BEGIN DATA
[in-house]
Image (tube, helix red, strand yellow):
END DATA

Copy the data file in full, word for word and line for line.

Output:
[in-house]
Image (tube, helix red, strand yellow):